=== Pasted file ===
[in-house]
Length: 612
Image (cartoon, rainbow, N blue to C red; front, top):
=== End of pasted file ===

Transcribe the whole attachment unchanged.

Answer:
[in-house]
Length: 612
Image (cartoon, rainbow, N blue to C red; front, top):